The FPS rpg, can it really work?

Discussion in 'General Discussion Forum' started by Cyratis, Aug 12, 2015.

  1. Hassknecht

    Hassknecht For hate's sake. Staff Member Admin Orderite Board Cop oTO

    Aug 16, 2010
    Yeah, they're pretty terrible.
    Weapon sounds peaked in 1999's Kingpin: Life Of Crime's shotgun and HMG sounds.
     
  2. SnapSlav

    SnapSlav NMA's local DotA fanatic

    Jul 1, 2012
    I'm afraid to ask, but... what did the bad people do? (Points to diagram with many different choices of dialog) Did they touch here?
     
  3. Moosick

    Moosick cats

    458
    Jul 8, 2015
    fanboys everywhere... like a swarm

    not getting the point of the video
     
  4. Crni Vuk

    Crni Vuk M4A3 Oldfag oTO Orderite

    Nov 25, 2008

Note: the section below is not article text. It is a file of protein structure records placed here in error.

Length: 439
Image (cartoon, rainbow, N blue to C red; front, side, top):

Well it highlights what I see as problem with mixing RPGs and First Person Games. But that is a problem that I have, others might not see it like that, which is totally alright. I respect that. But for me the view matters a lot. When I play first person shooters I really start to get my self immersed. I am really enjoying to think taht I am J.C. Denton on his way to uncover a gigantic conspiracy. Or that I am a space marine traped on mars fighting creatures - I guess I am the only beeing on this planet that was frightened by playing Doom 4. With RPGs like Baldurs Gate or Fallout 1 things are very different, and I enjoy them for exactly that reason. I am immersed by the world and want to guide the character trough it based on the choices in skills. That the character is missing or failing because his skills are to low works perfectly because it's not my skill at work here. The game is showing me abstractions and arch-types of classes etc.